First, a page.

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A (Semi) Statistical Recap of Missouri State

Daaaaaaa Bears da Bears da Bears da Bears da Bears da Bears da Bears

Missouri State v Kansas Photo by Ed Zurga/Getty Images

As far as season openers go, this is the best one we’ve seen out of KU since... 2016 Rhode Island? (Although that URI team still put up 170 rushing yards that night.) And sure KU beat SE Missouri a year later in 2017, dominating the stat lines but only winning by two scores.

Since 2017, however, KU has: lost to Nicholls State (2018), squeaked past Indiana State (2019), been pounded by Coastal Carolina (2020), squeaked past South Dakota (2021), and stomped Tennessee Tech (2022).

So, Year Three of Lance Leipold begins much the same way as Year Two did - with a huge win over an FCS school. I think it’s safe to say that the times - they are a-changin’.

That’s not to say there wasn’t some concern early on. Missouri State tied the game late in the first quarter following a KU fumble, and then took the lead after KU turned it over on downs. The Jayhawks would end the half on a bit of a run, taking a 7-point lead into the break, before dominating the second half of the game, really piling it on in the 4th quarter as MSU chased points.

Despite the close score at halftime, the stats tell a bit of a different story. At the break, KU had 238 yards of total offense compared to MSU’s 135. KU had the aforementioned turnovers, which kept MSU’s offense on the field, and kept the Bears in the game.

The yardage trends continued in the second half; the turnovers did not. KU ended up outgaining the Bears 521 yards to 217, and 27 first downs to 10. Kansas ran 18 more plays than Missouri State did; the Jayhawks finished at 7.9 yards per play, while MSU mustered just 4.5 ypp.

MSU converted just 1-9 (11.1%) on third down, while KU hit on 6-11 (54.5%). Each team converted one 4th down attempt, and both teams were perfect in the red zone.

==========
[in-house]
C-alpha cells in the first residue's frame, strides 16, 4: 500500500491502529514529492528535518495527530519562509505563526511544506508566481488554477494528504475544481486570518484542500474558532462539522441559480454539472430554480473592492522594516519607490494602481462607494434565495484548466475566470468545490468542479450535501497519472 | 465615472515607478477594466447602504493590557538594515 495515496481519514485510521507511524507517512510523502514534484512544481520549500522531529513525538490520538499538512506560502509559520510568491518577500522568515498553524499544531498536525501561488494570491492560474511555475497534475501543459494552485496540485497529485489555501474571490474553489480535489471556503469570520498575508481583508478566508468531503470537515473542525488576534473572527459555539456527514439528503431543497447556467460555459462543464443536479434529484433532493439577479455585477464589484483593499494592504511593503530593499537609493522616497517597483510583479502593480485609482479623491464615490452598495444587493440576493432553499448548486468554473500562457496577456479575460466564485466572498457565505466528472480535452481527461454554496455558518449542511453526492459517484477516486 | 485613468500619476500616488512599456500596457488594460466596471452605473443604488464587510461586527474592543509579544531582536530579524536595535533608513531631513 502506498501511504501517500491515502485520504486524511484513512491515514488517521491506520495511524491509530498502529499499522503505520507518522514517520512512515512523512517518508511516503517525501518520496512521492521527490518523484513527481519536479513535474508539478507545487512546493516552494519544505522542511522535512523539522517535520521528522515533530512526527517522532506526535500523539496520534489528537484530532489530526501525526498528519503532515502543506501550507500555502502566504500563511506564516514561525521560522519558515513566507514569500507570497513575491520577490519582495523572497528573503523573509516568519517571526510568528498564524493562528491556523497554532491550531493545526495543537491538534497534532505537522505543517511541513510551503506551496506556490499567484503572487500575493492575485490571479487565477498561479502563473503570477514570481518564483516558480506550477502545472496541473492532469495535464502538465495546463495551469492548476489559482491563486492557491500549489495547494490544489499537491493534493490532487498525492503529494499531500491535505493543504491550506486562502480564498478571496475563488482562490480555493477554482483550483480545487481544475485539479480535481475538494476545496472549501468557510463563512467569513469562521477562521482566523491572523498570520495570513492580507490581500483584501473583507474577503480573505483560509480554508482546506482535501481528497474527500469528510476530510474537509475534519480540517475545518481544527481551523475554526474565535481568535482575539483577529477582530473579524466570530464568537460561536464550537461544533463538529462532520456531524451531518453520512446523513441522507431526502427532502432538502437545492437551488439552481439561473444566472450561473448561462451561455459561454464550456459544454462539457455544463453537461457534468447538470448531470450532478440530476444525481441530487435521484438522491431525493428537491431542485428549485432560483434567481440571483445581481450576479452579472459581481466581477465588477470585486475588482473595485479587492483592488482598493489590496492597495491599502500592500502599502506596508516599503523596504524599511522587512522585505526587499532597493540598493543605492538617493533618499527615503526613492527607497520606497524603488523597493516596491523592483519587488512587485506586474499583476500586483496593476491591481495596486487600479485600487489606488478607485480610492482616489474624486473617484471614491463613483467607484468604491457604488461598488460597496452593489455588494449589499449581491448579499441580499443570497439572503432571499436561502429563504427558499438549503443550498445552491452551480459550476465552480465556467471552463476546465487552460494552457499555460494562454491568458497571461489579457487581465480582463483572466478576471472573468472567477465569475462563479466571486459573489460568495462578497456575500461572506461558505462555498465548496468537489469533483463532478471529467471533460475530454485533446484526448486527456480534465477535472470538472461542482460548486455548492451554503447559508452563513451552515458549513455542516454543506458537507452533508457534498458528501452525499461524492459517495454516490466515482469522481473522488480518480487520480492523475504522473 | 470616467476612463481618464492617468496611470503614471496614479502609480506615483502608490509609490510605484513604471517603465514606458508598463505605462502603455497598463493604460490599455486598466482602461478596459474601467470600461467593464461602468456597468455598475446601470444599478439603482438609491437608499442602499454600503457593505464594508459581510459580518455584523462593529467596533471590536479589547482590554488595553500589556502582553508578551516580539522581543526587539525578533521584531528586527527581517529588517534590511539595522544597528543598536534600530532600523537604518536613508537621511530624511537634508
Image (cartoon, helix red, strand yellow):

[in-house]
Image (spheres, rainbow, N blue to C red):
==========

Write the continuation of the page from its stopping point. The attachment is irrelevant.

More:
The Good

Honestly, a lot of options to talk about here, but I’m going to go with the running backs slash offensive line (because if the line struggles, generally the RBs will as well). Kansas had 4 backs get in the end zone while averaging 6.4 yards per rush as a team. That’s a good show.

The Bad

The turnovers in the first half were definitely concerning. Not being able to pick up a 4th-and-1 deep in plus territory brought flashbacks of the Miles and Beaty eras. There was a period of time there where everything seemed to be going Missouri State’s way - scoop up a fumble, recover their own fumble, convert a long third down, etc. But to their credit, Kansas weathered the storm and eventually turned the tide, so it’s hard to say it was THAT bad.

The Ugly

In the past, this spot has been reserved for the kicking game, or the offensive line, or the defensive line, or coaching clock management. But this time, it’s something completely out of KU’s control. Preseason Big 12 Player of the Year Jalon Daniels suited up but did not take a snap, and one of his favorite targets, WR Luke Grimm, went down with some kind of apparent leg injury during the second quarter. KU will need both of those guys at 100% next week if they want to give Illinois what-for.

The Stats

Jalon Daniels suited up, was announced as the starter, and then - didn’t play. Bummer.

Jason Bean had only three incompletions in each half on his way to a line of 22-28, 276 yards, 2 TDs and 0 INTs. To be fair, he did have one ball thrown into triple coverage that absolutely should have been picked off. He also added 41 rush yards on just 5 carries.

Devin Neal picked up right where he left off last year, picking up 94 yards on 13 carries with a TD. Neal also had 3 receptions for 25 yards, one of which went for a TD.

Sevion Morrison added 8 carries for 41 yards and a TD.

Dylan McDuffie got in on the TD train as well, with 6 carries for 40 yards.

Daniel Hishaw had just 4 carries, losing a fumble on his second attempt. However, he still finished with 29 yards and a TD.

It seemed like we heard Quentin Skinner’s name all night long, but he had just 4 receptions for 77 yards.

Lawrence Arnold also had 4 receptions for 77 yards.

Luke Grimm had just 33 yards on his 4 receptions, one of which went for a TD.

Trevor Wilson, Trevor Kardell, and Mason Fairchild all added two receptions as well.

Rich Miller was credited with 7 tackles.

Hayden Hatcher was also credited with 7 tackles, two of which went in the TFL column.

Jereme Robinson had the only sack of the night for KU, which happened to come on Missouri State’s opening possession.

Cobee Bryant had two tackles, one TFL, and an INT.

Kwinton Lassiter had two takles as well, also with an INT.

Surprisingly - concerningly? - Kenny Logan was in on just two tackles.